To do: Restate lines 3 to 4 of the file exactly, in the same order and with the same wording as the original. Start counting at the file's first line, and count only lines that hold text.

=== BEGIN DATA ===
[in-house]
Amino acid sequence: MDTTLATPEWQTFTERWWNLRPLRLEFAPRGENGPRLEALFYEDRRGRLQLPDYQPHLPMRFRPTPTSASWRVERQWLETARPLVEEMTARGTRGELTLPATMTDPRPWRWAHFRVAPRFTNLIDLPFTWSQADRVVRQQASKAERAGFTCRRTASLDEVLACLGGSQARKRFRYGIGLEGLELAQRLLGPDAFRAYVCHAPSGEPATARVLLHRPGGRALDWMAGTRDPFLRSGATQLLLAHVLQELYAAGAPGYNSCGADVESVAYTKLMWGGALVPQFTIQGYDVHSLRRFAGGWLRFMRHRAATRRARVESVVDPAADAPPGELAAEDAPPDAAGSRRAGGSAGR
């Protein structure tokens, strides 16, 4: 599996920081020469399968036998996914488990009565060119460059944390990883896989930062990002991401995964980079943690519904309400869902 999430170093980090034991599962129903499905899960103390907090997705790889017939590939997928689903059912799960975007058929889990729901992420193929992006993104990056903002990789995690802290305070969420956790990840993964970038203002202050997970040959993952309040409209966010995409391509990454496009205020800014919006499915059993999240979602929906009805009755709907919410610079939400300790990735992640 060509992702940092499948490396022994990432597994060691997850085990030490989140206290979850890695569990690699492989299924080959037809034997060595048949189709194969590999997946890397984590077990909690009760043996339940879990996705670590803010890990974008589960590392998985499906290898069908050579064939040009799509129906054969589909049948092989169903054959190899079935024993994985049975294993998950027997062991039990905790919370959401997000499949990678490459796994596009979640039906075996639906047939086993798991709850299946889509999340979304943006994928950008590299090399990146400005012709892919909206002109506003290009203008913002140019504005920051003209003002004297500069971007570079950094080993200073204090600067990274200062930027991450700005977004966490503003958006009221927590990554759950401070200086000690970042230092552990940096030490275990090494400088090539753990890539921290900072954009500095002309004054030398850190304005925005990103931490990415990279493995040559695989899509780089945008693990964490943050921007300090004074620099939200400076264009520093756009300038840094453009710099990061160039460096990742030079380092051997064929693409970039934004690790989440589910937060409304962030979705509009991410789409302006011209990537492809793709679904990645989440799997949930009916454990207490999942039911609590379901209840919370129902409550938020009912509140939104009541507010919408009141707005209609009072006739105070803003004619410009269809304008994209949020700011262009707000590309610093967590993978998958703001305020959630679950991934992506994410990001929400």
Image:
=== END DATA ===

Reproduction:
């Protein structure tokens, strides 16, 4: 599996920081020469399968036998996914488990009565060119460059944390990883896989930062990002991401995964980079943690519904309400869902 999430170093980090034991599962129903499905899960103390907090997705790889017939590939997928689903059912799960975007058929889990729901992420193929992006993104990056903002990789995690802290305070969420956790990840993964970038203002202050997970040959993952309040409209966010995409391509990454496009205020800014919006499915059993999240979602929906009805009755709907919410610079939400300790990735992640 060509992702940092499948490396022994990432597994060691997850085990030490989140206290979850890695569990690699492989299924080959037809034997060595048949189709194969590999997946890397984590077990909690009760043996339940879990996705670590803010890990974008589960590392998985499906290898069908050579064939040009799509129906054969589909049948092989169903054959190899079935024993994985049975294993998950027997062991039990905790919370959401997000499949990678490459796994596009979640039906075996639906047939086993798991709850299946889509999340979304943006994928950008590299090399990146400005012709892919909206002109506003290009203008913002140019504005920051003209003002004297500069971007570079950094080993200073204090600067990274200062930027991450700005977004966490503003958006009221927590990554759950401070200086000690970042230092552990940096030490275990090494400088090539753990890539921290900072954009500095002309004054030398850190304005925005990103931490990415990279493995040559695989899509780089945008693990964490943050921007300090004074620099939200400076264009520093756009300038840094453009710099990061160039460096990742030079380092051997064929693409970039934004690790989440589910937060409304962030979705509009991410789409302006011209990537492809793709679904990645989440799997949930009916454990207490999942039911609590379901209840919370129902409550938020009912509140939104009541507010919408009141707005209609009072006739105070803003004619410009269809304008994209949020700011262009707000590309610093967590993978998958703001305020959630679950991934992506994410990001929400």
Image: